49ers coach Kyle Shanahan urges players to 'look out' for teammates' mental health

With new restrictions in Santa Clara County due to rising COVID-19 numbers, the San Francisco 49ers have been forced to find a new and temporary homefield.

Set to host their next two home contests at the Arizona Cardinals' State Farm Stadium, the Niners will be away from their families during perhaps the most difficult time of the year to be away from loved ones and, due to COVID-19 protocols, are only around one another on Zooms and socially distanced practices.

Hence, San Francisco coach Kyle Shanahan, who's had to deal with his team taking on a rash of injuries this season, is urging his players to look out for each other and their teammates' mental health.

"I just try to tell everyone, no matter what, when someone has a problem, whatever it is, there's no problem too big or too small," Shanahan told reporters Thursday via team transcript. "A lot of guys keep that stuff internally, but I met with a bunch of the players and I grabbed about 20 of them last night and just told them to look out for that stuff and make sure that whether they come to me, a position coach, we have lots of people here who aren't coaches or players who can help people. So, it's just understanding that it's human nature. Some stuff's going to come up over the next three weeks and no one ignore it. Just always bring it to someone's attention because the worst thing you could be in these situations is feel kind of alone on an island and we've got a big group going through it, so we can rally together and make sure we help each other through it."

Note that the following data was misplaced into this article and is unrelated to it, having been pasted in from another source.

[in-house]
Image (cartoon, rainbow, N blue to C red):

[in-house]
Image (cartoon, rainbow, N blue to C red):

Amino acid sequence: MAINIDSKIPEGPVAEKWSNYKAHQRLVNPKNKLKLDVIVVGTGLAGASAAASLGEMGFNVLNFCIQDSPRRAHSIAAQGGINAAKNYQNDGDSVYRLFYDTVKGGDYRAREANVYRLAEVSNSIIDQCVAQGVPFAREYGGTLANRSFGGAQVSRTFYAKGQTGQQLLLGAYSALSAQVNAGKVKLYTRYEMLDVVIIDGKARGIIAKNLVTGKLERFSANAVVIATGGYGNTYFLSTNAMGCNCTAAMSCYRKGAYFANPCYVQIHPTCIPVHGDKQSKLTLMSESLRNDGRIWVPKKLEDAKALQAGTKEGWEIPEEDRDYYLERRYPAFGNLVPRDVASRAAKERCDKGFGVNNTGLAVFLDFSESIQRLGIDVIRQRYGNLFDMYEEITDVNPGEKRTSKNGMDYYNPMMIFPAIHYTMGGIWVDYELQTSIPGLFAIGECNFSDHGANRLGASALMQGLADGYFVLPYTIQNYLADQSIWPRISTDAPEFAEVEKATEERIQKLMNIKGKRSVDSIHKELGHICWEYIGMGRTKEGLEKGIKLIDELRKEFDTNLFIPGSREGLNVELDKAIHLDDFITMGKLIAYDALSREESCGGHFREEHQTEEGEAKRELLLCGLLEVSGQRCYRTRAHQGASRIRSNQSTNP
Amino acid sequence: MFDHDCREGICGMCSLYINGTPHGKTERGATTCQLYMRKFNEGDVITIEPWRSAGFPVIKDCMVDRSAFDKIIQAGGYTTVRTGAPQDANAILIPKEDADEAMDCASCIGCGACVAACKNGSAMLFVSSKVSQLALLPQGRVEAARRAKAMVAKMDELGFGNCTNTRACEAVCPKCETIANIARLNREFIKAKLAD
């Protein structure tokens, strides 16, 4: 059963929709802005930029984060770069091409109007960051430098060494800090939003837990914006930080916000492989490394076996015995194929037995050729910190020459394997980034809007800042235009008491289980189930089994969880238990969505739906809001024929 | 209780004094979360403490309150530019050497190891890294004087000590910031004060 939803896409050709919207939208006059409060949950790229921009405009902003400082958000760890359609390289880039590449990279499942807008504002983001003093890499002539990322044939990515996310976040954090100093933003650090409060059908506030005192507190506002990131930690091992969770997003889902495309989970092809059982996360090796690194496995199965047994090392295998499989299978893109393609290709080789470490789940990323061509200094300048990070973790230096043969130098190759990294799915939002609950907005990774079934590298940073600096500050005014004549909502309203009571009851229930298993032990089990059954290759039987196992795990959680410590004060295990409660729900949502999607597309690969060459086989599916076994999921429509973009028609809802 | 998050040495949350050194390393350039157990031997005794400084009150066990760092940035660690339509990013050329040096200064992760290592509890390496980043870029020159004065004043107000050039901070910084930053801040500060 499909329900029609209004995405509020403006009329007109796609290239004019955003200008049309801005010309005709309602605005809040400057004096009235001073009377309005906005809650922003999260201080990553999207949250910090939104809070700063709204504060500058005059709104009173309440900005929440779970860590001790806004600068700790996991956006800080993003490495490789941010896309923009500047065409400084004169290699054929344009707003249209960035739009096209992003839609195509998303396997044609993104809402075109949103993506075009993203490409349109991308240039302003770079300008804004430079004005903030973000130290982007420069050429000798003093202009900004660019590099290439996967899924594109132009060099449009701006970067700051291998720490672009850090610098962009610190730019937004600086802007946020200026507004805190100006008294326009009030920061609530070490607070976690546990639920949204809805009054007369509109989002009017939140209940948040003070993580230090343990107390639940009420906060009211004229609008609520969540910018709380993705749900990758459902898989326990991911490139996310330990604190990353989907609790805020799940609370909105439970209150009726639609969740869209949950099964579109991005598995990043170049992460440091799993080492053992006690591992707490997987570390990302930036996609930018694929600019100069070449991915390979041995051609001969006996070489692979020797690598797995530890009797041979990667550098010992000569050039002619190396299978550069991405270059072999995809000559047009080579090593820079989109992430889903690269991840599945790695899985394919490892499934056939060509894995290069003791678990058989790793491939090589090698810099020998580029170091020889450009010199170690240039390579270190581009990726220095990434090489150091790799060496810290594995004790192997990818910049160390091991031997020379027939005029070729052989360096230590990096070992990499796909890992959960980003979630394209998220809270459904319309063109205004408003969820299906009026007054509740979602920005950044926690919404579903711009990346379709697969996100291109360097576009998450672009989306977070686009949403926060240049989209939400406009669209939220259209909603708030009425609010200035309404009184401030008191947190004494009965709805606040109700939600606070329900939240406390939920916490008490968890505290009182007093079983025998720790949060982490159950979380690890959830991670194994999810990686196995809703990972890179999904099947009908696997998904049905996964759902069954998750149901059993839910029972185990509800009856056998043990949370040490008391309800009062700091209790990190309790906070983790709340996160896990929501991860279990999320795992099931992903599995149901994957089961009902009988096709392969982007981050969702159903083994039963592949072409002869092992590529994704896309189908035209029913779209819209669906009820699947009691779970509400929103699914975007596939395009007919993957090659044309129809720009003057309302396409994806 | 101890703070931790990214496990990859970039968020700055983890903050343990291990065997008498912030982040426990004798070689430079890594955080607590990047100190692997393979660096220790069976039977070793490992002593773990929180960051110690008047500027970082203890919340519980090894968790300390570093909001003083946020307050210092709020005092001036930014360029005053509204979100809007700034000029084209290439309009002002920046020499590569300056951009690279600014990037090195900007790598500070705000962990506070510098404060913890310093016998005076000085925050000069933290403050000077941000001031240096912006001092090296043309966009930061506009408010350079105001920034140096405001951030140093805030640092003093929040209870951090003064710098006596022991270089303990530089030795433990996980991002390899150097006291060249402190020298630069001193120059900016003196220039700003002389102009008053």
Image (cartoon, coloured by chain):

Currently, the 49ers are preparing to play the Bills on Monday night in San Francisco's first home game in Arizona. The immediate lead-up to the game isn't the time Shanahan is overly concerned with, though. It's the slower days when his players potentially feel more isolated that worries him most.

"Now's the easy part, just because we got here on a workday and we're going hard all the way until our game on Monday," Shanahan said. "So, it's more of the times after that."

Topics such as mental health and depression were once taboo and came with a stigma in the world of the mighty athlete, but more and more times are changing.

With a worldwide pandemic carrying on and the NFL having to implement protocols to combat coronavirus outbreaks, a new and very real concern of the effects of isolation is prevalent.

And Shanahan, who's fast become recognized by many as one of the top coaches in the league, is letting his players know they aren't alone in the tough times ahead and there are avenues for them to seek assistance.

"I just try to stress to people is everyone's going to be at different levels and some people are going to deal with this different than others," Shanahan said. "Someone who hits that wall, whatever it is, you read about the NBA players in the bubble and all the mental issues they went through and stuff. Those guys were at least allowed to hang with each other. We're not, so we're basically just in rooms here. Haven't seen the guys except when we Zoom meet them and then when we go out to the field for walkthrough, so it's not like we're in a bubble hanging out. So, those things will build up on guys and each guy will handle it differently."

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